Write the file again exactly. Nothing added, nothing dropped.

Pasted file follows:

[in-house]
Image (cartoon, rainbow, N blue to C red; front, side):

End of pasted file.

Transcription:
[in-house]
Image (cartoon, rainbow, N blue to C red; front, side):